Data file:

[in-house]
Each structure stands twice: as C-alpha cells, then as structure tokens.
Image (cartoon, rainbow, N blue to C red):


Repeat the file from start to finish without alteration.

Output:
[in-house]
Each structure stands twice: as C-alpha cells, then as structure tokens.
Image (cartoon, rainbow, N blue to C red):